Gerhard Forde's 'On Being a Theologian of the Cross'

Gerhard O. Forde, On Being a Theologian of the Cross: Reflections on Luther's Heidelberg Disputation, 1518 (Grand Rapids, MI: Eerdmans, 1997) The title of this work says it all. This book is not about how to do theology of the cross, it is about being a theologian of the cross. And this distinction makes all the difference. Basically, this book is made up of Gerdard Forde’s commentary on Luther’s Heidelberg Disputation, as the sub-title states. Through his commentary, Forde explicates what may be Martin Luther’s most profound theological contribution, theologia crucis , the Theology of the Cross. One quote from Forde sums up the work as a whole, “A theologian of the cross says what a thing is,” (p. x). While this may seem odd, especially since many view theology as being quite abstract and not concerned with concrete “things” at all, the oddity is exactly the point. Forde recognizes a need in the theology of our time to focus once again on how we write and speak. Language is one

Reading Scripture with John Calvin: 1 Peter 2.24-25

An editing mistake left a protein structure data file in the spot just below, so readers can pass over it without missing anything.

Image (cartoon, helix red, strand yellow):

1 Peter 2.24-25 [24] “He himself bore our sins” in his body on the cross, so that we might die to sins and live for righteousness; “by his wounds you have been healed.” [25] For “you were like sheep going astray,” but now you have returned to the Shepherd and Overseer of your souls. *NB: Quotes are from Isaiah 53 ========================== COMMENTARY: Calvin comments on these three extraordinary verses in the space of three pages, but in that time he touches on some central themes in Christian soteriology and even manages to quibble a bit with the Roman Catholics of his day, whom he here calls “the Sophists in their schools.” From these verses Calvin extracts three primary points. First, “Christ by his death has given us an example of patience.” Calvin seems to be drawing upon the preceding verses for this meaning. Second, “by his death he restored us to life” for which reason “we ought cheerfully to follow his example.” Third, we find an explanation of the reason why C

TF Torrance on John Knox on the Ascension

Thomas F. Torrance, Scottish Theology: From John Knox to John McLeod Campbell (Edinburgh: T & T Clark, 1996), 22-23. The resurrection and ascension of Jesus Christ means the final completion of our salvation in the objective sense, for Christ alone among his brethren possesses glory, honour and prerogative till all his enemies be made his footstool, which we undoubtedly believe they will be at the final judgment…In consummation of all this the Lord Jesus will return visibly as he was seen to ascend, when the time of refreshing and restitution of all things will come, and all God’s promises will be fulfilled. But the ascension implies two other things: (1) The suspension of final judgment until Christ comes again. Christ alone possesses all power and glory. He possess [sic] that in our name, but he has withdrawn himself visibly from us, until he comes again. The full execution of his judgment and salvation is therefore yet to come. That leaves the world throughout the ages tim